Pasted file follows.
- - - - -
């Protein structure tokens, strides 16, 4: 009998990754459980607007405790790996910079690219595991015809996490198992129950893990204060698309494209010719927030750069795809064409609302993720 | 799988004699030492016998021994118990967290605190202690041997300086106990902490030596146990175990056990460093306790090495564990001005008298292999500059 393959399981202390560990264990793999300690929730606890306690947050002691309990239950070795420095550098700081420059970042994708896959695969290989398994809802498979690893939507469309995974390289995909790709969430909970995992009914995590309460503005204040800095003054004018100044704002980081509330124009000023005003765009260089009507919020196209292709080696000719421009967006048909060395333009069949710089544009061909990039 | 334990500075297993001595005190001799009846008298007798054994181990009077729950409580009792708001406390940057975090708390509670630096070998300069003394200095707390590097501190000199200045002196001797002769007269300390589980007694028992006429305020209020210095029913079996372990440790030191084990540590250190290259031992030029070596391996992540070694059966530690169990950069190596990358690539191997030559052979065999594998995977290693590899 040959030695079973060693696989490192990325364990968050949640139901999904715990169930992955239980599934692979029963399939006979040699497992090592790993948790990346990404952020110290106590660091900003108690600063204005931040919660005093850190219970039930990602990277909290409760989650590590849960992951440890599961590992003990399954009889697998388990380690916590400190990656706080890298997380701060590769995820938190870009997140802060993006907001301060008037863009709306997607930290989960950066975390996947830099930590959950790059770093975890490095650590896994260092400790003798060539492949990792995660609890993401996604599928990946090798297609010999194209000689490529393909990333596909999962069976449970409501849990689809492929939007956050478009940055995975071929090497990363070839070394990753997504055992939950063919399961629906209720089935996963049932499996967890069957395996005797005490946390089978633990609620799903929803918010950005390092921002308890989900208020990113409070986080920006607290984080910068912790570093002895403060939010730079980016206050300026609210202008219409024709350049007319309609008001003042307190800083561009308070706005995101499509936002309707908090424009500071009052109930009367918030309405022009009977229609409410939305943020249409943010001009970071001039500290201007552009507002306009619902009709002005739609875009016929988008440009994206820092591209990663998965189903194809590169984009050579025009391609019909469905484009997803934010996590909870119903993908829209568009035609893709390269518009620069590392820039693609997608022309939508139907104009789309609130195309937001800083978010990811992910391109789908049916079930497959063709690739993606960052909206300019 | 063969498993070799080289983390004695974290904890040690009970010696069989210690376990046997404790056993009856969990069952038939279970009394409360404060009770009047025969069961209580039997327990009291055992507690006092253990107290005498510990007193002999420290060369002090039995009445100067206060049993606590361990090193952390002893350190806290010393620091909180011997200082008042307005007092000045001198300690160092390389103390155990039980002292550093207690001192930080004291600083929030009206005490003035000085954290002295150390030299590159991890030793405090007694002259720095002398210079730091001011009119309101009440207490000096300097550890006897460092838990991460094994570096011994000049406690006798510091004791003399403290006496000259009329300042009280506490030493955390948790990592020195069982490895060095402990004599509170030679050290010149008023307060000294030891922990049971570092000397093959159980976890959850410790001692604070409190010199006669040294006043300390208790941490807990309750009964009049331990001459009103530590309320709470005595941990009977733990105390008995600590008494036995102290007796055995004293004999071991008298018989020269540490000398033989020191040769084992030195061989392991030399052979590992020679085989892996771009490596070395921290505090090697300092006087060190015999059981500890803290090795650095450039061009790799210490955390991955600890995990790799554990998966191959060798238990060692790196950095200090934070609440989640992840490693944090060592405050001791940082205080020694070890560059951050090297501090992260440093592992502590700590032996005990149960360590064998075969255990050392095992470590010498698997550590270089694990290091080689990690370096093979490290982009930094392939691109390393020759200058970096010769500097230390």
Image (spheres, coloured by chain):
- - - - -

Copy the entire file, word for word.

């Protein structure tokens, strides 16, 4: 009998990754459980607007405790790996910079690219595991015809996490198992129950893990204060698309494209010719927030750069795809064409609302993720 | 799988004699030492016998021994118990967290605190202690041997300086106990902490030596146990175990056990460093306790090495564990001005008298292999500059 393959399981202390560990264990793999300690929730606890306690947050002691309990239950070795420095550098700081420059970042994708896959695969290989398994809802498979690893939507469309995974390289995909790709969430909970995992009914995590309460503005204040800095003054004018100044704002980081509330124009000023005003765009260089009507919020196209292709080696000719421009967006048909060395333009069949710089544009061909990039 | 334990500075297993001595005190001799009846008298007798054994181990009077729950409580009792708001406390940057975090708390509670630096070998300069003394200095707390590097501190000199200045002196001797002769007269300390589980007694028992006429305020209020210095029913079996372990440790030191084990540590250190290259031992030029070596391996992540070694059966530690169990950069190596990358690539191997030559052979065999594998995977290693590899 040959030695079973060693696989490192990325364990968050949640139901999904715990169930992955239980599934692979029963399939006979040699497992090592790993948790990346990404952020110290106590660091900003108690600063204005931040919660005093850190219970039930990602990277909290409760989650590590849960992951440890599961590992003990399954009889697998388990380690916590400190990656706080890298997380701060590769995820938190870009997140802060993006907001301060008037863009709306997607930290989960950066975390996947830099930590959950790059770093975890490095650590896994260092400790003798060539492949990792995660609890993401996604599928990946090798297609010999194209000689490529393909990333596909999962069976449970409501849990689809492929939007956050478009940055995975071929090497990363070839070394990753997504055992939950063919399961629906209720089935996963049932499996967890069957395996005797005490946390089978633990609620799903929803918010950005390092921002308890989900208020990113409070986080920006607290984080910068912790570093002895403060939010730079980016206050300026609210202008219409024709350049007319309609008001003042307190800083561009308070706005995101499509936002309707908090424009500071009052109930009367918030309405022009009977229609409410939305943020249409943010001009970071001039500290201007552009507002306009619902009709002005739609875009016929988008440009994206820092591209990663998965189903194809590169984009050579025009391609019909469905484009997803934010996590909870119903993908829209568009035609893709390269518009620069590392820039693609997608022309939508139907104009789309609130195309937001800083978010990811992910391109789908049916079930497959063709690739993606960052909206300019 | 063969498993070799080289983390004695974290904890040690009970010696069989210690376990046997404790056993009856969990069952038939279970009394409360404060009770009047025969069961209580039997327990009291055992507690006092253990107290005498510990007193002999420290060369002090039995009445100067206060049993606590361990090193952390002893350190806290010393620091909180011997200082008042307005007092000045001198300690160092390389103390155990039980002292550093207690001192930080004291600083929030009206005490003035000085954290002295150390030299590159991890030793405090007694002259720095002398210079730091001011009119309101009440207490000096300097550890006897460092838990991460094994570096011994000049406690006798510091004791003399403290006496000259009329300042009280506490030493955390948790990592020195069982490895060095402990004599509170030679050290010149008023307060000294030891922990049971570092000397093959159980976890959850410790001692604070409190010199006669040294006043300390208790941490807990309750009964009049331990001459009103530590309320709470005595941990009977733990105390008995600590008494036995102290007796055995004293004999071991008298018989020269540490000398033989020191040769084992030195061989392991030399052979590992020679085989892996771009490596070395921290505090090697300092006087060190015999059981500890803290090795650095450039061009790799210490955390991955600890995990790799554990998966191959060798238990060692790196950095200090934070609440989640992840490693944090060592405050001791940082205080020694070890560059951050090297501090992260440093592992502590700590032996005990149960360590064998075969255990050392095992470590010498698997550590270089694990290091080689990690370096093979490290982009930094392939691109390393020759200058970096010769500097230390």
Image (spheres, coloured by chain):